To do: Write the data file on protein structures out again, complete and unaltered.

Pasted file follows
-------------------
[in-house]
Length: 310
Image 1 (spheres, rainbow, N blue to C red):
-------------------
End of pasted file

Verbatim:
[in-house]
Length: 310
Image 1 (spheres, rainbow, N blue to C red):